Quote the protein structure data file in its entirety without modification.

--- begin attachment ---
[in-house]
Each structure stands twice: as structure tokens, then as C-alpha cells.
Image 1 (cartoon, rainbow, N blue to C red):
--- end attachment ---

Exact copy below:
[in-house]
Each structure stands twice: as structure tokens, then as C-alpha cells.
Image 1 (cartoon, rainbow, N blue to C red):